Arctic sea ice has reached its ‘second-lowest’ level in 42-year satellite record

The heatwaves in Siberia and the massive fires may be responsible for the ice melt, according to a new report

Sea ice in the Arctic has reached its second-lowest level in 42 years.

That’s according to new research by the National Snow and Ice Data Center (NSIDC) at the University of Colorado Boulder, which found on 15th September that Arctic sea ice may have reached its minimum extent for the year, at 3.74 million square kilometres.

That is only the second time Arctic sea ice has hit this low level since the beginning of the satellite record in 1979.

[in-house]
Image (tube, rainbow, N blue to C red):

Scientists argue the 37.7°C heatwaves in Siberia and the massive fires are likely to blame for the shrinking of the ice.

Figures also suggest the 14 lowest extents of Arctic sea ice in the satellite-monitored era have all occurred in the last 14 years.

Mark Serreze, Director of NSIDC, said: “The year 2020 will stand as an exclamation point on the downward trend in Arctic sea ice extent. We are headed towards a seasonally ice-free Arctic Ocean, and this year is another nail in the coffin.”

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